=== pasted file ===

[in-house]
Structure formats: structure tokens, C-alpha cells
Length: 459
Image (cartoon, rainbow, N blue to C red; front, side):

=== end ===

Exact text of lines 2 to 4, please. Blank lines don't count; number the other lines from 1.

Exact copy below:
Structure formats: structure tokens, C-alpha cells
Length: 459
Image (cartoon, rainbow, N blue to C red; front, side):